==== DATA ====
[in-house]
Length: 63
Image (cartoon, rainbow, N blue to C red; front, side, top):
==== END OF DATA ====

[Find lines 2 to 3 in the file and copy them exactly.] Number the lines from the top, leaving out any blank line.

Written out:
Length: 63
Image (cartoon, rainbow, N blue to C red; front, side, top):